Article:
While the idea that honey could help allergies has logical roots -- honey may have some anti-inflammatory benefits, and repeatedly exposing patients to small amounts of allergens is considered an allergy treatment -- honey for allergy relief has never been consistently duplicated in clinical studies, according to the Mayo Clinic. Worse yet, honey can cause health problems in people with bee allergies, and infant botulism if given to children younger than a year old.

Tree pollen, specifically birch and oak tree pollen, is the main culprit during early spring, closely followed by grass pollen in later spring and early summer. The middle of summer brings a brief hiatus, then grass pollen returns at the end of summer, rounded out by ragweed in the fall.

By contrast, pollens in honey tend to come from flowers more than from trees, according to Dutta. Tree pollen is lighter than flower pollen, so it stays airborne longer, while flower pollen falls to the ground, meaning allergenic tree, grass and weed pollen don’t tend to end up in the honey as often. And although the smell of flowers might irritate people who are sensitive to it, flower pollen doesn't produce an immune response in the same way that tree pollen does.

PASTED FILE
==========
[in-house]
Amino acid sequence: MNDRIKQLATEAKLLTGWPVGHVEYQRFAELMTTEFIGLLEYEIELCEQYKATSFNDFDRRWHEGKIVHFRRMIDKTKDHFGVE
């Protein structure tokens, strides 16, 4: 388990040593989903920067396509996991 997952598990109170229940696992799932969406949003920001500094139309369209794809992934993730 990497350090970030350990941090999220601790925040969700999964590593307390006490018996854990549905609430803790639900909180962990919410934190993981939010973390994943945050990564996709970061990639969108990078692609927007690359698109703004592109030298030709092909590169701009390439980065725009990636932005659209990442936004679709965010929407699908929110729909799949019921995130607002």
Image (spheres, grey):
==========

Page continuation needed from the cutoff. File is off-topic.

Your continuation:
"There aren’t any real herbal remedies or holistic treatments that have been proven to help," Dutta said. "The pollens that we’re allergic to are the types of pollens that travel by wind -- tree, weed or grass pollens that blow in the air."

2. Keep your windows closed and blast the AC